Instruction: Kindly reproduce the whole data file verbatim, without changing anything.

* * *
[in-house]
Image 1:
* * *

[in-house]
Image 1: